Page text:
Researchers at Harvard University have developed a way to 3D-print a cellular composite with record lightness and stiffness using an epoxy resin. This is the first time that epoxy is used for 3D-printing, and it could potentially lead to the development of new lightweight architectures for more efficient and affordable wind turbines, faster cars, and lighter airplanes.
Getting materials that are both light and strong is difficult since most of the lightweight materials are extremely weak while the heaviest are very strong. However, one exception is balsa wood, which has a density as low as 40 kg per cubic meter (2.5 lb per cubic foot) but is still very strong, thanks to a microscopic structure that features a highly effective mix of cellulose and lignin fibers. Balsa wood is therefore used in applications where light but strong structures are critical, from the blades in wind turbines to the chassis of model airplanes and helicopters.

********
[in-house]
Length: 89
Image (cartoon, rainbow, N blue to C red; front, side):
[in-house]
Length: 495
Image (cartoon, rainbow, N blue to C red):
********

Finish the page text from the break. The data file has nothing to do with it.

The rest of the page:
The problem with balsa wood is that 95% of it comes from a single country – Ecuador
Scientists at Harvard have now come up with a way to manufacture a cellular composite that’s even better than balsa wood, making it more reliable since it has no structural defects that wood naturally has.
Here is a short clip of the composite being printed.
The researchers took inspiration from the microscopic structure of balsa, which is mostly hollow and in which only the cell walls are carrying the load. They built their new composite using an epoxy-based resin containing nanoclay platelets to increase viscosity, as well as two types of fillers – silicon carbide “whiskers” and discrete carbon fibers.
The researchers can even control the exact stiffness of the material by changing the orientation of the fillers as needed. Orienting the silicon carbide whiskers perpendicularly to the direction which will face the most load makes the material stronger.
According to principal investigator Prof. Jennifer A. Lewis, their research is a significant step because it paves the way for 3D-printing using materials, such as epoxies, which can be used for structural applications, as opposed to the thermoplastics that your standard 3D printer uses.
This resin is as stiff as wood and as twice as strong as the strongest polymer composites
This technology could lead to advances not only in structural materials, but also in conductive composites.
A paper describing the advance appears in the journal Advanced Materials.